Copyright Infringement

• Apr 5, 2019 - 13:27

Could someone please explain how a piano arrangement by Louis Brassin (1840-1884) of a J. S. Bach composition for organ can NOT be in the public domain? My transcription score of his piano arrangement of Bach's Toccata and Fugue in D Minor has been "taken down" due to a copyright infringement complaint. I tried the link provided in the email notification to protest the action but that process hangs up on the final "Continue" after the protest reason (In the public domain) is checked. I sent a message via "Contact Us" to about this matter but have received no response.


In reply to by hmscomp

Still this is the only way to go, those folks don't read along here. And the people reading here can't help with this.
Just upload it again...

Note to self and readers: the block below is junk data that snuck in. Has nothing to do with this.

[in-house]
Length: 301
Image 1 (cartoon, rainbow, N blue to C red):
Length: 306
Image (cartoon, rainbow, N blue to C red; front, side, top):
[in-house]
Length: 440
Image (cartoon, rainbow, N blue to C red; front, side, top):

BTW: while the composer and the arranger and their heirs most probably don't have any copyrights anymore, the publisher might (or might have claimed, whether rightfully or not). Just check your original, the sheets you transribed from.

OTOH IMSLP lists it as public domain:,_Louis)

In reply to by Jojo-Schmitz

The IMSLP declaration that the arrangement was in the public domain was my argument to What I am seeking here is not "help" but maybe someone here knows an explanation. The subject of copyright has been discussed here many times. I just find it odd that with so many current, popular songs (e.g. Bohemian Rhapsody with over a million views) on the site, that a composition hundreds of years old was targeted.

In reply to by hmscomp has agreements in place with several publishers, so I guess Bohemian Rhapsody is covered by that. No idea who claimed copyright for your upload, nor why, only the folks at can tell.
So contact (again), or ask in

Or just upload it (or make public) again...

Hmm, maybe you claimed copyright on this, by accident, rather than putting it into public domain?
Like your Dvořák "Rêverie", or your Beethoven Piano Concerto No. 4, 3rd Mvmt (Arr. for 2 pianos), where I don't think you own the rights, but published it with "All rights reserved"

Do you still have an unanswered question? Please log in first to post your question.